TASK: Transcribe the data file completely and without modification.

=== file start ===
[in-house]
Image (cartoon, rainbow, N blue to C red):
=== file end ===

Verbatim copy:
[in-house]
Image (cartoon, rainbow, N blue to C red):